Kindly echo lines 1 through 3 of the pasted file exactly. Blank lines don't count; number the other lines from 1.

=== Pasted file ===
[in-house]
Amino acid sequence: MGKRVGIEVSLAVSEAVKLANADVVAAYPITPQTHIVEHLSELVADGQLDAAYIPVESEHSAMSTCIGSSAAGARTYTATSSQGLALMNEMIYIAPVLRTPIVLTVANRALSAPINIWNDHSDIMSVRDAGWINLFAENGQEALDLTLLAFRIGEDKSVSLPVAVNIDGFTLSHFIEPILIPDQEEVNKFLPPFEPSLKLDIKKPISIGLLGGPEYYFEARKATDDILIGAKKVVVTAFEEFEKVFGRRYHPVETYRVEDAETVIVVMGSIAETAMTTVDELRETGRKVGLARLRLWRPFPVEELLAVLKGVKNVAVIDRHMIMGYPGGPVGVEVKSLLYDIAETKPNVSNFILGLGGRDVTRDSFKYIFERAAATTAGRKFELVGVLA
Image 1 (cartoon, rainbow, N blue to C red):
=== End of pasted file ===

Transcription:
[in-house]
Amino acid sequence: MGKRVGIEVSLAVSEAVKLANADVVAAYPITPQTHIVEHLSELVADGQLDAAYIPVESEHSAMSTCIGSSAAGARTYTATSSQGLALMNEMIYIAPVLRTPIVLTVANRALSAPINIWNDHSDIMSVRDAGWINLFAENGQEALDLTLLAFRIGEDKSVSLPVAVNIDGFTLSHFIEPILIPDQEEVNKFLPPFEPSLKLDIKKPISIGLLGGPEYYFEARKATDDILIGAKKVVVTAFEEFEKVFGRRYHPVETYRVEDAETVIVVMGSIAETAMTTVDELRETGRKVGLARLRLWRPFPVEELLAVLKGVKNVAVIDRHMIMGYPGGPVGVEVKSLLYDIAETKPNVSNFILGLGGRDVTRDSFKYIFERAAATTAGRKFELVGVLA
Image 1 (cartoon, rainbow, N blue to C red):